▪ Studies show beauty could be self-fulfilling too. In one study, some men were shown airbrushed and beautified pictures of a woman, leading them to falsely believe she was physically attractive. They were then asked to interview the woman. The men were not only warmer and friendlier to her, but the woman too became warmer and friendlier in response. Remember, the woman was not as attractive as her fake photographs gave the impression of. The men started out with a false belief she was beautiful, but in the end, behaved as if she were more beautiful than she really was.
Read the paper The Self-Fulfilling Prophecy in Close Relationships by Geraldine Downey, Antonio L. Freitas, Benjamin Michaelis, and Hala Khouri.
SFP And Placebo Effect
In scientific terms, a self-fulfilling prophecy is a close kin of the placebo effect.
What is a placebo? The American Cancer Society explains it as:
A placebo (pluh-SEE-bow) is a substance or other kind of treatment that looks just like a regular treatment or medicine, but is not.
Placebo use is a standard method used in medical science. Here’s how it happens:
A person is given a pill called a placebo while telling them it will have a certain effect on them. Now the effect could be positive or negative; it doesn’t matter. What happens next is this: the effect comes to manifest.
However, the strangest thing here is the pill had nothing that could have produced the effect. The pill was fantastically empty.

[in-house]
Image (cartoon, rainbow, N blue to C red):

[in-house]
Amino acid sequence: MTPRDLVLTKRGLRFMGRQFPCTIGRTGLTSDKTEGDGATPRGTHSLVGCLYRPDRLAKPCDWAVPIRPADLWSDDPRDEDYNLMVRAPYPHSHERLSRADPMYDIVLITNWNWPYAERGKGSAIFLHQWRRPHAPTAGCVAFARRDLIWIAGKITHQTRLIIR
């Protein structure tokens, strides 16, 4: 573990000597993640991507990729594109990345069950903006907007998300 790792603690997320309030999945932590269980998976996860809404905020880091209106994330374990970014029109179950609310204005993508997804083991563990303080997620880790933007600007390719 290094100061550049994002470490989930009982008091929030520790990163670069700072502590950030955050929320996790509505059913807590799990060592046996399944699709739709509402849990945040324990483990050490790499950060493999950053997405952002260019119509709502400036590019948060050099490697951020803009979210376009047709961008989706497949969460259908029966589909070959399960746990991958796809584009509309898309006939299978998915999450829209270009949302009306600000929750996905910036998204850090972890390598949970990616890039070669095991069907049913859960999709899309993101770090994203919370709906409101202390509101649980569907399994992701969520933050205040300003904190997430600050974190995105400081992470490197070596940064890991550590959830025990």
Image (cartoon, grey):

So, a placebo is an inactive “look-alike” substance that is not a medicine.
For example, in an experiment, a researcher gives you a pill and tells you it will cause you a mild headache in a few hours. They ask you to go into a room, sit down, and report back when a headache appears.
Surprisingly, you develop a throbbing headache within an hour. So you go back and tell them you got a headache within 45 minutes, and blame the strength of the pill for it.
Now, the researcher gives you another pill and tells you it will cure your headache. And, no surprise this time, the pill eases you out of your headache. So, you go back and tell them it was a great pill and your pain vanished within 20 minutes.
The researcher carefully notes down the data while thanking you.
Now, if you already haven’t guessed it, the reality was this: Both the pills were exactly the same.
And surprisingly, neither of them contained any drug. Not even the smallest bit. Both were just sugar pills.
But each had the effect it was told will have. And that’s your placebo.
But why do the researchers play such tricks?!
Well, this is why: While you were in a room after having the empty pill, others in another room were given the real pill, but weren’t told how it would affect them. Finally, the researchers compared the data from both rooms and reached a decision about how much effect the drug really had.
In a way, self-fulfilling prophecy is something similar; it’s the placebo of the masses.
SFP And Hope Theory
Self-fulfilling prophecy has a built-in heart of hope.
And hope is a desire with an expectation for something, especially something good. It’s a wish laden with belief in the possibility something good is going to happen.
Hope is not the typical form of positivity that we know of; rather, it comes into play when our circumstances are dire… when fear, hopelessness or despair seem just as likely.
Shane Lopez, the world’s foremost researcher on hope and author of Making Hope Happen, lays down the basic principles of hope. He says when you hope, you start with these 4 beliefs:
- The future will be better than the present
- You have the power to make it so
- There are many paths to your goals
- None of them is free of obstacles
The “Big Daddy” of hope, the late Charles “Rick” Snyder, the M. Erik Wright Distinguished Professor of Clinical Psychology at the University of Kansas, and author of Handbook of Hope, developed the Hope Theory. Accordingly, hope has 3 components:
- Goals — finding realistic and meaningful goals
- Pathways — finding ways to fulfill your goals
- Agency — finding determination to change yourself, overcome the obstacles in the path, and achieve your goals